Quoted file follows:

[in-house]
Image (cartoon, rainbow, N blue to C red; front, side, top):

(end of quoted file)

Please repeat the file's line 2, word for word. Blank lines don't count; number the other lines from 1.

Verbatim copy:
Image (cartoon, rainbow, N blue to C red; front, side, top):